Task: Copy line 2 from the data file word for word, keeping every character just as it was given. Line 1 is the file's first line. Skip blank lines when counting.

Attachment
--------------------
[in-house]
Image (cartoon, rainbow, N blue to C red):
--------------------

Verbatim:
Image (cartoon, rainbow, N blue to C red):